It wasn’t until 2007 album ‘Walking With Strangers’ that I got my first encounter with Canadian gothic synth-pop act The Birthday Massacre. Right back in time, before this they had started out no doubt inspired by a certain Clive Barker novel, with the name Imagica. The key members of these early beginnings Rainbow, Chibi and Falcore actually remain in the band to this date and with this we have the chance to dip back into the genesis of their sound with a selection of demos and 4 track recordings from between 1998 and 2001. Some of these numbers obviously made it onto 1st album proper ‘Nothing And Nowhere’ in 2002 but on the whole they were all new to me and I was keen to give them a spin.
First track ‘Over’ bombastically sweeps in sounding bold and brash and clearly evident as being the sound of a band that I had found myself falling for all those years later. Chibi’s vocals stir up the emotions being already heavily confident and full of passion, swooning, sultry and sticky like candy. The electronic components are well formed and orchestrate what is a very catchy number, something that is one of the key selling points of the band now and no doubt responsible for the big cult following the group have attained. A couple of listens in and make no mistake you are going to find yourself singing along. Don’t let the fact this are demo’s put you off in the slightest, the sound is great, bass tones boom and everything sounds really good in the mix. Slow-burning numbers like ‘Remember Me’ tug at the heartstrings and no doubt were the start of a love affair for those hearing them for the first time back in the day. They already have the power to send a shiver down the spine too and as the big synthesized sound-clash of ‘Under The Stairs’ gets literally right under the skin it’s a highly charged moment that is suitably charged. Although it was a long time before this I still find that Tubeway Army must have been a real influence. If you listen to the opening of songs such as the self-titled jelly and trifle kerfuffle that ‘Is The Birthday Massacre’ you could easily expect a certain Numanoid swooping in and singing about his latest trip down to the park. Then again ‘Nothing And Nowhere’ the title track from that forthcoming debut starts out taking me right back to those equally heady days in a manner really reminiscent of Yazoo. It might not be Alison Moyet but this has a chorus and a half and Chibi proves just as formidable at the helm.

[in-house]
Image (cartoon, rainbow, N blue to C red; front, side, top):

Skipping forward a few numbers and the band top things off with some covers. I had not realised or read about these before I heard the first few notes of ‘Open Your Heart’ and immediately recognised it as a Madonna song (not sure I should admit that). Unless you are pissed at a karaoke it’s a pretty ballsy move recording a number by her Madgesty but they certainly pull it off although it might not be to everyone’s taste due to the simple fact that just one listen will have it going round in your head for bloody days! We are on safer ground with ‘From Out Of Nowhere’ and if I hadn’t got this one would have packed my bags. It’s a corker of a cover of the Faith No More classic and has some real thrashy balls about it. This brings us to last cover of a song called Dead and I’m stumped so will hope some smart ass can comment and put me out my misery. I bloody well recognise it and thought it was Manhole, Tura Satana, or My Ruin, Chiba sure does a good Tairrie B here, if not L7 or Babes In Toyland but aghhh? That annoyance aside, this is a cracking listen right through and clearly illustrates why the band are so big now and are having to play 2 nights at the Garage to meet ticket demand later in the year. I really should try and go and see them this time.
(8/10 Pete Woods)